Q. I’m newly pregnant and my libido has been very up and down. I’m aware that I won’t be able to have sex for a while after the birth. What will happen to my libido during my pregnancy and is there anything I can do, as I don’t want to lose the sexual closeness that I have with my husband.

A. Pregnancy. It can be the best of times and the worst of times. The body that you have so reliably inhabited for decades suddenly becomes an alien. Your hormones board a rollercoaster, taking your libido with them, and for the next nine months, they skyrocket, loop the loop and crash back down with no regard whatsoever for the impact that they are having on you, or your relationship. Self-confidence can take a huge hit too, as your body changes. Yet on the plus side, being pregnant is the most incredible experience.

Although no two pregnancies are identical, seven billion babies and counting means that we can now predict, with a reasonable degree of certainty, what will happen to you, and your libido, during the 40 weeks of pregnancy. During the first trimester, your levels of oestrogen and progesterone increase dramatically. These months can be blighted by tiredness, nausea, and painful breasts, and as a result the activity that got you pregnant in the first place is often out of the question. Other women find that increased blood flow to the pelvis and the genitals leaves them in an almost perpetual state of arousal. Women normally have about 100ml of blood per minute flowing through the uterine artery. In the first six weeks of pregnancy this increases to about 120ml per minute and by the end of the final trimester it increases to a whopping 350ml per minute.

After about 12 weeks, your hormone levels will begin to drop, and you should feel less sick and more energetic. The escalating levels of blood circulating around your pelvis may, at this point, lead to a decrease in sensitivity, so you may need more stimulation during sex. A feeling of “fullness” after orgasm is also common, which can be a bit uncomfortable — almost like a throbbing ache, which takes a little while to dissipate. In the third trimester, weight gain, back pain, difficulty sleeping and indigestion may, once again, decrease your sexual drive. In later pregnancy there are certain positions which are more comfortable — spooning, for example, which is particularly gentle because penetration is much more shallow and your bump can be supported with a pillow. In late pregnancy, orgasm can also begin to trigger abdominal cramps and mild contractions. This can be a little unsettling, but they generally pass within a few minutes.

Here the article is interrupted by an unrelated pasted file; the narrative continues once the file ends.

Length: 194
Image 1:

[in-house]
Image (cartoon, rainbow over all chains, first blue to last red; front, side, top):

The critical variable during pregnancy is not really your libido, but your relationship. If women find pregnancy challenging, men often find it terrifying, particularly once the baby begins to make itself visible. Although sex is safe during all three trimesters (unless a woman has a low-lying placenta, a history of miscarriage, or is prone to premature labour), men can sometimes be squeamish about sex during pregnancy. Reluctant to articulate these very common insecurities, men will often try to avoid sex altogether; a strategy that can be misinterpreted as rejection by their partners.

Still, Mother Nature knows what she is doing, and by the time you hit the 28-week mark, the milk-producing hormone prolactin will kick in and completely suppress your sex drive. Sex will be the last thing on your mind. Research done by the department of anthropology at Northwestern University confirms that levels of the male sex hormone testosterone decline during pregnancy and remain substantially reduced in men who take an active role in caring for their babies. After the birth, doctors advise women to resist the temptation to have sex for six weeks, particularly if they have had stitches, but in reality, most new parents spend the first six months hankering after something else beginning with S. Sleep.